Ph.D. in Second Language Studies
Interdisciplinary in nature, the Ph.D. in second language studies promotes state-of-the-art research and practice, preparing future academics and professionals for the realities of a multicultural and multilingual society. Second language studies uniquely prepares individuals to be global leaders in various cultural contexts in multiple languages through rigorous course work and investigation in areas including, but not limited to, second language structure, language in use, language and culture, language learning and acquisition, language teaching, and language policy and planning. As experts in one or more of these fields, graduates of the program are able to work in academia, business, industry, governmental and nongovernmental organizations, media, journalism, and other fields requiring linguistic and cultural competencies.
Minimum Total Credit Hours: 54
The aim of the doctoral program is to afford instruction and guidance leading to the mastery of a major field. Specific course requirements for Applied Linguistics or Spanish are stipulated by the student’s advisory committee. In certain instances, a student may be required to take courses in a minor field. For students required to take a minor, a specific program will be formulated. To fulfill the degree credit requirement, the student must (a) have completed three years (54 hours) of study beyond the bachelor’s degree; (b) have completed a minimum of two years (36 hours) of graduate study at the University of Mississippi; and (c) have completed a minimum of one year (18 hours) of graduate work in continuous residence. Where coursework (excluding dissertation hours) is required for the degree, at least one-half, up to 30 hours, must be completed at the University of Mississippi. Separate descriptions of requirements follow because courses are taught in the language of emphasis.
At or near the beginning of the student’s work beyond the master’s degree, the department or school may require a preliminary examination to determine the student’s qualifications to undertake a program leading to the doctorate and to assist the student’s adviser in planning the student’s program. Comprehensive Examinations and Admission to Candidacy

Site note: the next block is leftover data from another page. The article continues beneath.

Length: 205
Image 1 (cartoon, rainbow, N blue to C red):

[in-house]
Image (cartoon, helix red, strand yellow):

All doctoral students must successfully complete a comprehensive examination. Upon completion of this examination, the student is admitted to candidacy. The purpose of this examination is to establish that the student has satisfactorily mastered the body of academic material appropriate to the degree. Though academic programs have broad latitude in the design of comprehensive examinations, the following guidelines should be followed. The examination may be either a single test or a set of tests. The examination must be written; however, departments may require that part of the examination be oral. The examination may be constructed and evaluated by the student’s dissertation advisory committee or by a separate committee. To sit for the examination, a student must be in full-standing status, must have satisfied any foreign language requirement, must have a graduate grade-point average of 3.0 or above, and must not have an outstanding I grade. If a graduate program has an extradepartmental concentration area of more than 12 hours, a component of the comprehensive examination must include testing over this concentration area, and this testing must be done by faculty in the second department. Upon completion of all components of a comprehensive examination and notification to the Graduate School, the student is considered to be a candidate for the degree. In general, this status signifies that the individual has completed all or nearly all of the program coursework and has entered the formal dissertation stage of the program. Ordinarily, the comprehensive examination should be completed before the dissertation prospectus is defended.
Other Academic Requirements
Specific Requirements for the Emphasis in Applied Linguistics: